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Regular version of the site

Article

Do Political Connections Influence Investment Efficiency in Russian Companies?

Journal of Corporate Finance Research. 2019. Vol. 13. No. 2. P. 36-49.
Cherkasova V. A., Ivanova A.

The question as to whether political influence can benefit the commercial activity of companies, and the related
questions surrounding political corruption that arise, are of perennial fascination for persons at every level of society
and in every country. With this in mind, this article seeks to explore the relationship between political connections in
commercial firms and investment efficiency. This relationship will be studied on an empirical basis, and will shed some light on the actual parameters, mechanisms, and effects of political influence in the business sphere in the Russian Federation.
In this research, we consider only direct relations between business operators and the members of Russian ministries, councils, political parties, heads of the regions and cities. These relationships are categorised as being politically influential depending on the status of the politician, and whether they are active at a federal, regional or municipal level. Connections with such politicians are examined where there is evidence of direct links with company CEOs and chairmen of the boards of directors of companies.
This research is carried out on the sample of 106 Russian non-financial companies for the period 2010–2015. 44
companies from the final sample were considered as politically connected on at least one level. Some firms have connections more than at one level (11 companies). Companies have politically connected chairman of the board (36
companies) more often than connected CEO (26 companies). Using regression analysis, we determined whether the
political ties in Russia have a positive or a negative impact on the investment expenditures of companies.
Interestingly, and perhaps contrary to popular belief, we identified a negative relationship between political ties and the efficiency of investment decisions for individual companies. The presence of politically-connected CEOs at federal and regional levels is seen to have a significant negative impact on investment efficiency. However, our results also indicate that the presence of politically-connected chairmen of the board which are active at the municipal level is correlated with efficient investment activity. This indicates that political influence at this level may be responsible for more prudent recommendations regarding commercial and investment decisions. Overall, it can be seen that in this sample of companies from the Russian Federation, the presence of state-tied representatives may be aligned with a tendency for companies to follow targets that are favourable for its government connections and not for the firm itself.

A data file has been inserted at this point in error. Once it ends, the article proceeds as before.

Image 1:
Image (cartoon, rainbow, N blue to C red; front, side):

Although political connections have a mixed impact on the company’s value, the relation with investment efficiency is
primarily negative. Thus, we may reason that the government has a strong power over politically-related companies.
Such influences are linked with a tendency for companies to deviate from their primary goal of value maximisation.
These results may indicate the influence of undue pressure from a government which strives to reach its own goals
through the mechanism of commercial activity, or perhaps the opportunistic behaviour of individuals in management
positions who are motivated towards personal political gain at the expense of the company. Political connections have a mixed effect on the company’s performance and investment efficiency, and we postulate that firms establish relationships with government officials pursuing the goal to obtain more advantageous position. The links between political operators and business activity demonstrated in this research undoubtedly highlight some uncomfortable areas of discourse in  the commercial sphere. On a granular level, further research into specific transactions and motivations may seem more a research area for journalists or law enforcement investigators, but this may be simply a popular prejudice. There is certainly ample opportunity for expanding the scope of this study’s results. Beyond the interests of political, sociological and legal researchers, the data presented herein will be of immediate interest to persons operating in the commercial, business, and economic spheres of the Russian Federation and internationally.